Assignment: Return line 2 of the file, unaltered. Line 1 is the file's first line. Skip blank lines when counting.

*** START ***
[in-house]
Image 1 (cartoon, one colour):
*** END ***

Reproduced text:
Image 1 (cartoon, one colour):